In this series we explore the science behind the 5 elements of a SMART Goal (Specific, Measurable, Agreed On, Realistic, and Time Constrained). This week's article is about the “S.”
SMART goals are most commonly associated with the iconic management consultant Peter Drucker. He articulated the ideas behind SMART in his 1954 book The Practice of Management. Drucker believed an organization should start by setting objectives and then working backwards to determine the work needed to to achieve them. The actual acronym however did not appear until a 1981 article entitled There's a S.M.A.R.T. way to write management's goals and objectives.
The ideas behind SMART are timeless, however if you simplify complex ideas into simple acronyms a lot is lost. That is why we think it is time to go back to the source, and explore exactly what makes SMART goals smart.
This week we look at the S, which stands for “Specific.”
The reasoning behind setting “specific” goals is that we perform better when we know what to do. Think about your to do list. Which are the items that get done quickly and which are the ones that seem to stay on your list forever? If you are like me, something like “Buy a dozen eggs” will get done quickly while “Buy a chicken” might stay on my list for weeks. I have lots of experience buying eggs and can get right on it without much thought. I have never bought a chicken and having lived in the city most of my life I’m clueless about where to start.
There have been several studies that prove this. One study, out of Stanford, created two versions of a reward card for a frozen yogurt shop. The first version offered 1 free yogurt after purchasing any six flavors of yogurt in any order. The second version required ordering banana, apple, strawberry, orange, mango, and then grape in that order to receive the free cup.
The customers given the more specific version of the rewards card were 75% more likely to return to the store 6 times, complete the card and get their free cup of yogurt.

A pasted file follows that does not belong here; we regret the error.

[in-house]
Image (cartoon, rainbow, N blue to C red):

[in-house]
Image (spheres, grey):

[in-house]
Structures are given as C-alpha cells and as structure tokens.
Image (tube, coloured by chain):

Professors Edwin Locke and Gary Latham have also written about this phenomenon. They found that as we move further outside our own area of expertise we have to engage in more and more problem solving to understand how to approach a goal. This can have negative consequences on our ability to stay motivated and complete our goals quickly.
It is a logical idea. If buying eggs is my goal I can move right to completing it. However if I am tasked with buying a chicken I will first have to engage in some problem solving, starting with my very minimal knowledge of chickens and expanding on that knowledge until I know enough to complete the task. This second process involves a lot discovery and does not always happen in a predictable way. The less I know about chickens at the start the longer and more unpredictable the process of buying a chicken will be.
You might have already noticed that buying an egg and buying a chicken are equally specific sentences. Which I did to make the point that just because you give someone a goal that sounds specific does not mean you are living up to the reasoning behind SMART goals. Specific goals should have a clear path to success for the person receiving the goal. If you’ve ever worked with a young intern, you know that specific goals mean different things to different people. For the lowly intern even getting a cup of coffee requires tremendous problem solving.
Lets return to the frozen yogurt example for a moment. There is something I didn’t tell you. The researchers also measured how many people wanted to take part in the rewards program. They presented one of the two versions and asked if the customer would like the rewards card.
Customers presented with the more flexible version (any yogurt in any order) signed up two and a half times more often than customers presented the very specific version!
We are great at completing specific goals, but we want flexible goals. This leaves us with a conflict. On the one hand employees are more likely to want to take on flexible goals that give them autonomy and let them do a little learning and problem solving. On the other hand employees will be most successful with a specific set of goals that requires no thinking, just rote action.
As a manager then we must balance these two forces. Generally goals that push employees slightly beyond their existing skill set, so that their skill set can still be applied to solving the new problem will be both quickly achieved and stimulating for the employee.
Another approach is to ask yourself, am I trying to get buy-in on a new goal or am I trying to get a difficult goal completed? If you want your team to embrace an easy but unpopular goal, consider making it a little less specific and a little more flexible so the team can embrace it and make it their own. If you already have lots of support but the goal is very difficult, consider being very specific so the team can apply their energy to exactly what needs to be done.
All that boiled was down to an "S." Before reading this you might have been forgiven for wondering why your intern still hasn't bought you a chicken.
In summary, the S in S.M.A.R.T. stands for -
- Make sure the person receiving the goal can see a clear path to success
- And don't make the goal so rigid that your employee feels like a soulless automaton